I temporary live with someone and I was allow to keep my small dog. The person who I live with is allergic so I can not keep my dog in the house but out in the garage in a crate. I do have a lock on the cage. The person who I live with is telling people behind my back to cut the lock and let the dog loose so it can run away. I have had my small my dog for 10 years and spend $1,000.00 for him. This would be cruel. My dog has never roamed outside his own home. He does get afraid of things when he does go outside. If he was set loose he would either get hit by a car, be so scared and run and then starve, or animals would get him. He is very close to me and for him to be set free would be a death sentence for him. Can this person do this without me knowing?
Sounds like you need to move. it's not a question of whether it is legal or not -- people do illegal things all the time. Your roommate is clearly no friend. If something did happen, I don;t know how you would prove it without actually seeing it happen. Protect you pup and get out.
The information is for general information purposes only. Nothing stated above should be taken as legal advice for any individual case or situation.
No, it's not legal. The bigger question is why in the world would you live with someone that would threaten to do this to your dog.
If we do not have a signed fee agreement I am not your attorney and this is not legal advice.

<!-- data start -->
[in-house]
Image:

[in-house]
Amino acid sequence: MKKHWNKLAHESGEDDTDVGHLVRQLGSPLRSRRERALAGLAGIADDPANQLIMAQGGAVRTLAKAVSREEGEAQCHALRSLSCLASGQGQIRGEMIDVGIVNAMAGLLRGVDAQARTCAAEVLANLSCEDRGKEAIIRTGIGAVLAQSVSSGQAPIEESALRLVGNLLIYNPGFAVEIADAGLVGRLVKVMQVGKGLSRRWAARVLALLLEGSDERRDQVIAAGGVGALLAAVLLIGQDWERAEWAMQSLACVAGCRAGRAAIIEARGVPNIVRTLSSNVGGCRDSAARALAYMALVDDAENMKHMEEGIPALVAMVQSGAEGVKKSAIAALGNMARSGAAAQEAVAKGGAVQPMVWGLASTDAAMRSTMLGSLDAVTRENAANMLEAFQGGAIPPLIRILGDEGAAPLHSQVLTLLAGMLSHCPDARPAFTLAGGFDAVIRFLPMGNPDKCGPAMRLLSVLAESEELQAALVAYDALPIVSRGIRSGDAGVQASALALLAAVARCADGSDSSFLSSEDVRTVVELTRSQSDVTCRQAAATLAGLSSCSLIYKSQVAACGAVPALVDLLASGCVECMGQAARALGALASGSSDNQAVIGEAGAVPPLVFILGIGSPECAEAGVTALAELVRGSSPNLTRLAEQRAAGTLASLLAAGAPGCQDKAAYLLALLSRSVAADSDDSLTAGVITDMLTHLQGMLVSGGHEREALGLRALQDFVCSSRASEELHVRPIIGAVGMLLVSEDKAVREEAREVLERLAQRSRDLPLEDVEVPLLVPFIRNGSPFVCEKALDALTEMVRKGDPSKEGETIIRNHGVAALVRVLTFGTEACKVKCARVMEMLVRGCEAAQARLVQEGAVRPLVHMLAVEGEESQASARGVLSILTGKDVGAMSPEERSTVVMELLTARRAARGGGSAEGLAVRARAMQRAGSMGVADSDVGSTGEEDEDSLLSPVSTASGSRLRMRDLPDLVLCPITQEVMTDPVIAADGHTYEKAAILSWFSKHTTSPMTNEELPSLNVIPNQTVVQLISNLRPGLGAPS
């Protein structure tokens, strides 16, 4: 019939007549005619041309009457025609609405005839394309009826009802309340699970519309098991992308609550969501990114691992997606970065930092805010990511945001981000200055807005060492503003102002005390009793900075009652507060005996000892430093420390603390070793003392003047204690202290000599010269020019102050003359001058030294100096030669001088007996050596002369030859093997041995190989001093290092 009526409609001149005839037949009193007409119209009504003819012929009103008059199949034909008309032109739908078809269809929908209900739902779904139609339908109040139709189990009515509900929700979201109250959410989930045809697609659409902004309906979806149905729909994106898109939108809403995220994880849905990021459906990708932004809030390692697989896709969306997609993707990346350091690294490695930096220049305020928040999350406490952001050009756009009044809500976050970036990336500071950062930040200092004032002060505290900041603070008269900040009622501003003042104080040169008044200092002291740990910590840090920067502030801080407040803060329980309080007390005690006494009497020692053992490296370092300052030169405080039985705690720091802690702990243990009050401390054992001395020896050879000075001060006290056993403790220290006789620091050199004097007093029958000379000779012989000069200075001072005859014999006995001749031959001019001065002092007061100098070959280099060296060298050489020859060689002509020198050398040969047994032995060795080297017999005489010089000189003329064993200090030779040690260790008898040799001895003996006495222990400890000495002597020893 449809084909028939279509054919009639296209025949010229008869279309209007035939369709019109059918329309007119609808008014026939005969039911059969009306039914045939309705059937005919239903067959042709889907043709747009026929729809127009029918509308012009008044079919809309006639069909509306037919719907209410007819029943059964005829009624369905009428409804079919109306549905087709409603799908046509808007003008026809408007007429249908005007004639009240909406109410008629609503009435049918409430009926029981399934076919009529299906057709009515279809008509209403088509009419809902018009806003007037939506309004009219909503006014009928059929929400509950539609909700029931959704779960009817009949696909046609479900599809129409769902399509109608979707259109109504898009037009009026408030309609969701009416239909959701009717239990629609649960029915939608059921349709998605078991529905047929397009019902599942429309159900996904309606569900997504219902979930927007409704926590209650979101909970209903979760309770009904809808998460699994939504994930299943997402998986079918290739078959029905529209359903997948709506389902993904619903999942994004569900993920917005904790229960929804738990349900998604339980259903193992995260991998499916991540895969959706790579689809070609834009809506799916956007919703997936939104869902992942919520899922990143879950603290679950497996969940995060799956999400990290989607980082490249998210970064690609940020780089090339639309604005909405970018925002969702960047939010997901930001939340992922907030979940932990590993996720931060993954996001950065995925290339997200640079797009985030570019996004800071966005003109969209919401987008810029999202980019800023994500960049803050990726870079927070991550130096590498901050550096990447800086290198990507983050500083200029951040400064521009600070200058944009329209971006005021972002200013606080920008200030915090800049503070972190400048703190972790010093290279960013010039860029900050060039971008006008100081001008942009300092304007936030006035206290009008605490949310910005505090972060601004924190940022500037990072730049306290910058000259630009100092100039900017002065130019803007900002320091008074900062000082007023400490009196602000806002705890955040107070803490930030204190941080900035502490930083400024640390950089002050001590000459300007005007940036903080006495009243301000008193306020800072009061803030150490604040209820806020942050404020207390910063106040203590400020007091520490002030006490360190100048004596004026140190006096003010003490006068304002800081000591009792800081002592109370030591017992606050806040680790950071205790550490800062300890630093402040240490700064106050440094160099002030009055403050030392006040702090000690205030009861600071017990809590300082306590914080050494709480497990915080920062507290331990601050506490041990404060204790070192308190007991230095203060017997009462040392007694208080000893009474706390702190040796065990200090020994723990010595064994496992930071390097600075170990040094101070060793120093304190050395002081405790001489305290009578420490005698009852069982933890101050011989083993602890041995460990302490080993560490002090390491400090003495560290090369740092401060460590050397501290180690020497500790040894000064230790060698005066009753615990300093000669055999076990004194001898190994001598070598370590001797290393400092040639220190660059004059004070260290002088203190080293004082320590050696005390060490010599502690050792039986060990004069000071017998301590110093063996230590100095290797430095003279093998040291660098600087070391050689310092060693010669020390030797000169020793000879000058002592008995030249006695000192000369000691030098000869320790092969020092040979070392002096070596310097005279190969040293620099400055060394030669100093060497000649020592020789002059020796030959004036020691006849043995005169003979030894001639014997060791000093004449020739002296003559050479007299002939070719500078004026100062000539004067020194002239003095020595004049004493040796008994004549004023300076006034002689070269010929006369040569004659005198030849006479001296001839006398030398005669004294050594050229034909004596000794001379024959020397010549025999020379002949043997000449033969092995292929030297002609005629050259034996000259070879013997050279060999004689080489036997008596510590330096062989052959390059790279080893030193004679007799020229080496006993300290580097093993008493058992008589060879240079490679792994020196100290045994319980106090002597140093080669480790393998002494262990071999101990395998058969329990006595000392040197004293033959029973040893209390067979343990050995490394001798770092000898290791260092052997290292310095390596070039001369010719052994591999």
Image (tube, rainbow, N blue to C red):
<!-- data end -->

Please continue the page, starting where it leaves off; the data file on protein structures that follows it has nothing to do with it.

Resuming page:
You certainly have rights in your own dog as your own property including rights to exclusively possess it, keep it safe from being interfered with by others, and prevent others from taking it. However, you also have obligations to adhere to the criminal laws regarding animal neglect and abandonment as well. Your state has state statutes outlining what is deemed to be the abuse, neglect, or abandonment of an animal, and even though those laws do not allow your housemate to take matters into her own hands, let your dog loose and thereby break laws regarding theft and trespass, they certainly allow her to make a complaint to a law enforcement agency and report your suspected abuse, neglect, and or abandonment, and thereby have a law enforcement officer come seize the dog lawfully instead. You would be wise to pay as much attention to your own behavior with providing for the dog's minimum care and for complying with the criminal code as you are with worrying about your housemate's personal actions.
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